Why no mention of kettling disabled protesters? Last week, a group of people gathered in London's Triton Square to protest against the actions of Atos Origin, the company contracted by the government to deal with the administration of disability benefits. Atos have so far carried out this task in a way that has led to many disabled people losing benefits they desperately need. Disabled people, and organisations such as Disabled People Against Cuts, were joined by members of anti-poverty groups such as London Coalition Against Poverty. Yet the mainstream press completely failed to cover the event. Many disabled people are disappointed by this – one person even said they had emailed the BBC to ask why, but had not yet received any response.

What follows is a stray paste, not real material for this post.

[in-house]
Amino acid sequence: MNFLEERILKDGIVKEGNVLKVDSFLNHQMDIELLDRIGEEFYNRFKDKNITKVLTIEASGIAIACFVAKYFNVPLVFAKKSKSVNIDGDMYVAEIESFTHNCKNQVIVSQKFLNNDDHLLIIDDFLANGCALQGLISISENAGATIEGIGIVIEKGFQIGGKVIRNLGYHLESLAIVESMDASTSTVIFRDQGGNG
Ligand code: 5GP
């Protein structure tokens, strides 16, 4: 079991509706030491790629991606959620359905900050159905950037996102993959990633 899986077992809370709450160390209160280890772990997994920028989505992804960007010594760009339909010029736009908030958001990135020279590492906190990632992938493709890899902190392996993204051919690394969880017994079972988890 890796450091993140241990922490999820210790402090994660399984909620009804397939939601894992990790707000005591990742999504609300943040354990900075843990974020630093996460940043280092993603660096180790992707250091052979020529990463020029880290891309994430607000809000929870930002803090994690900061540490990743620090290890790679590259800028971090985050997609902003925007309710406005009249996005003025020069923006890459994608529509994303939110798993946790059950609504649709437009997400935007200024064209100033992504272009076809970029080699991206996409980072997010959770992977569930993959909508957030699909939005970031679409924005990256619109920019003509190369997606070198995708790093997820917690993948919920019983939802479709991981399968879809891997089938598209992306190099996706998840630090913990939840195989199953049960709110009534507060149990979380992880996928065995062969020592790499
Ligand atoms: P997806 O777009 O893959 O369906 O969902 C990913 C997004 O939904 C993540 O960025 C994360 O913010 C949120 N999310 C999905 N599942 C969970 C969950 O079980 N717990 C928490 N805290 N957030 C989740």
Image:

Higher education: It's become our crisis Already faced with cuts before the crisis, education now looks to be one of the sectors hardest hit, and not merely financially. Kirsten Forkert looks at the current conflict in higher education and the difficulties faced by those trying to protect it We need to consider UK higher education in the context of a situation where neoliberalism, in some ways, has been destabilised economically but remains hegemonic on an ideological level.
Teacher suspended over claim she told school pupils to join student protests Teachers and students in central London to protest against an increase in university tuition fees, in December. Photograph: Steve Parsons/PA A teacher has been suspended after a parent complained that she had encouraged pupils to miss school to join the recent demonstrations against education cuts and tuition fee rises.